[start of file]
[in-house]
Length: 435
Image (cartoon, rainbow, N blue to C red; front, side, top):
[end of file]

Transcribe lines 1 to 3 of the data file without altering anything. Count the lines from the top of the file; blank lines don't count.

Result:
[in-house]
Length: 435
Image (cartoon, rainbow, N blue to C red; front, side, top):